Apparently, my article a few days ago caused a bigger stir than I had anticipated, not at all unrelated to the fact that my wordings may not have been optimal. So, let me clarify things a bit.Apart from the responses from the tiring anti-Microsoft camp (I wrote a fairly positive review of Vista hence I have no credibility? The logic fails to dawn on me) many replies contained specific arguments that I wish to address. First, however, I think I have some explaining to do, especially concerning my position towards KDE 4.
When I started out wording my concerns about the future of KDE and GNOME, I was frantically trying to avoid the usual trap every author falls into when writing about these two desktop environments: favouritism, consciously or unconsciously, that is irrelevant. I favour neither KDE nor GNOME; I generally tend to switch between the two every few months, mostly depending on which of the two projects had their latest release. I am currently about to enter a period of KDE usage, in case you want to know.
Anyway, in my attempts to avoid this trap, I inadvertently made it seem as if both projects are equally in trouble when it comes to the future. This is not true. So, I will now make it crystal clear, disregarding the trap of favouritism, that GNOME is in far bigger trouble than KDE. In the original article, this only really got to shine through through the release estimates I made; KDE 4 2008, GNOME 3 2009. GNOME is in bigger trouble because when it comes to major revisions and overhauls, GNOME has no set plan, no goals, nothing. Like I said, all they have are random ideas about Topaz; there is no coherency like the KDE team has with all their various ‘sub-projects’ that together form KDE 4. Even though the various websites behind these project are not exactly crystal clear, the developers working on these projects do seem to have a clear picture of what they want to achieve, as Aaron Seigo said on his blog.
This brings me to something specific in Aaron Seigo’s response: “In other words, Thom is full of crap when he says 4.0 is stalled.” Totally agreed. Were I to have actually said that, yes, I would have been full of crap. I said: “KDE developers are indeed planning big things for KDE4– but that is what they are stuck at.” And this is where the confusion – my sincere apologies – stems from, as I now see this sequence of words do not at all reflect my thoughts correctly. My thoughts are that currently there is a huge discrepancy between the ambitious goals put forward by the various core technologies’ websites, and the actual real-life development builds of KDE, and that I do not see them bridge that gap in roughly six months. That is all. Certainly not ‘libel’, as mr Seigo put it, but I can understand that my words were less then optimal, and again, I wish to apologise for that (not to lay off the blame, but English is not my native tongue and hence things like this inadvertently happen).
This is all I want to say in reply to mr Seigo’s blog, as most of the things he said were all based on my bad choice of words.
Another often heard complaint about the article was that I supposedly only cared about version numbers, and that open source software does not use version numbers for marketing purposes. This is an irrelevant complaint, as I only used the ‘GNOME 3’ and ‘KDE 4’ designations by lack of better names for both project’s next generation versions (I could have called GNOME 3 ‘Topaz’, but not everybody actually knows what Topaz refers to). I might have well called them Humpty and Dumpty. Other than that, KDE and GNOME developers themselves are never shy of referring to GNOME 3 and KDE 4 in a positive context, so I do not really understand why I cannot do so in a negative context.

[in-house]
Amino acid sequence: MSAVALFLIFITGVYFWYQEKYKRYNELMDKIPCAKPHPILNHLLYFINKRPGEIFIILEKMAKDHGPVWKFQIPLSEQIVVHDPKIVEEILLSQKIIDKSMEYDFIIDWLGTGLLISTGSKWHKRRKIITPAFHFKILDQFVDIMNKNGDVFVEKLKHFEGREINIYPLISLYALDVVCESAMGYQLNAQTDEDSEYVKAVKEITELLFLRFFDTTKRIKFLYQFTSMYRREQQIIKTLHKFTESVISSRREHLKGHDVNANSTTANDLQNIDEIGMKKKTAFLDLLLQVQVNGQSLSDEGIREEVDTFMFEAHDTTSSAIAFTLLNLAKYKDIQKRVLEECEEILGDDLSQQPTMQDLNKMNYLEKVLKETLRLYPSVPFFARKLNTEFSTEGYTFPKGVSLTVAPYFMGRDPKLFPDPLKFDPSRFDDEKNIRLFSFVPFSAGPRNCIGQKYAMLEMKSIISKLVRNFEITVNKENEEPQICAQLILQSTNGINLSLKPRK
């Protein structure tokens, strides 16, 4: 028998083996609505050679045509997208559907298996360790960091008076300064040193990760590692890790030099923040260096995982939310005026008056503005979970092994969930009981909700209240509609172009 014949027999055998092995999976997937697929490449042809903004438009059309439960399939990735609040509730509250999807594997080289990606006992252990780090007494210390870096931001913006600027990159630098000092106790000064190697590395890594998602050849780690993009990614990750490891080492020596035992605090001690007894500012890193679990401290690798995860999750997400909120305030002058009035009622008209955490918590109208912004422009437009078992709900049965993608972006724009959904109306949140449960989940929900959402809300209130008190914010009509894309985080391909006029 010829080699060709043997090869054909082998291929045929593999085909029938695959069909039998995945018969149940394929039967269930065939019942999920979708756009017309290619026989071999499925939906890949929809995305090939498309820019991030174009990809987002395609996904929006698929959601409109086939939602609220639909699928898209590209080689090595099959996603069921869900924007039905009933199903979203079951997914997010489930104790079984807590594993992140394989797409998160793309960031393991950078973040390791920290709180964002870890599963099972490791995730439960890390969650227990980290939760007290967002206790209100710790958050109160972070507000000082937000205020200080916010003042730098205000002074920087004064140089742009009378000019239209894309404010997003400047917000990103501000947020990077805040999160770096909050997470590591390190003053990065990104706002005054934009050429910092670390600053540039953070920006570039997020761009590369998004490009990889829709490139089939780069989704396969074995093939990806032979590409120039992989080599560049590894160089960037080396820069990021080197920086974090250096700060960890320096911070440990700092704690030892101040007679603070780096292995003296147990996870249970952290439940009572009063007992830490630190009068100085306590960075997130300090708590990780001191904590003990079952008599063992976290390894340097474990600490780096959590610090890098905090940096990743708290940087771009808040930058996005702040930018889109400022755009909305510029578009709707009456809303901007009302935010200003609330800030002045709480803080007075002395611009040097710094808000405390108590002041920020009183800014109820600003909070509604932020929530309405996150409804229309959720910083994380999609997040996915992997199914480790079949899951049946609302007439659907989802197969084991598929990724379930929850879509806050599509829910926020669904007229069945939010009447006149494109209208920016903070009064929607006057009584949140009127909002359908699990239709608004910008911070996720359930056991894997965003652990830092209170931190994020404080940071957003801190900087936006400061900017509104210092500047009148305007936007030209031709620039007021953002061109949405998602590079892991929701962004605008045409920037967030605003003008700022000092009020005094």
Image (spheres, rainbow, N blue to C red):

One other subject I would like to clarify is that some people concluded from my article that I think KDE and GNOME suck. This is utter nonsense. For instance, when it comes to consistency, GNOME currently is king (ever since Apple went bonkers); KDE reigns supreme when it comes to control over my interface, something I value a great deal. KDE 3.x and GNOME 2.x are on par with, and probably even better than, Windows XP’s Explorer. However, when comparing them to Vista’s interface, they have some serious catching up to do – which is an opinion with which you can disagree. But please, people, for the love of god (lower-case ‘g’), use something extensively before passing judgment upon it.
The final thing I want to touch on is that some people accused me of having a hidden agenda. This is something that actually aggravates me. Anyone with a sane mind who takes a quick browse through OSNews knows that we are anything but biased. We report on everything, pro or anti whatever. So, if you honestly think I have a hidden agenda, sponsored by Microsoft, this is a good starting page.
I hope this clarified things up a bit. And to prove I care little for ad revenue (OSNews is a voluntary effort, us editors get zero squat from the “revenue” (too big a word) OSNews makes), this follow-up is posted in the weekend (right before Christmas), when traffic is substantially lower (we normally do not publish originals during the weekends for this very reason, we want authors to have the maximum possible audience).
Have a nice Christmas (or whatever it is you celebrate).
There is so much bias in IT that sometimes people don’t even recognise what it looks like not to be.
This has got to be the only industry where the products you use and your religion are one in the same.